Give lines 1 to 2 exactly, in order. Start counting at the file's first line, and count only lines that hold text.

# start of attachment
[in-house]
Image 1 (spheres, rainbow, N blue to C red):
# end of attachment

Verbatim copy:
[in-house]
Image 1 (spheres, rainbow, N blue to C red):